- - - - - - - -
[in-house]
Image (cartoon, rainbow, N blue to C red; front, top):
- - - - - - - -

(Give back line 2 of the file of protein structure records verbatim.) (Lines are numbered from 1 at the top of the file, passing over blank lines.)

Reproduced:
Image (cartoon, rainbow, N blue to C red; front, top):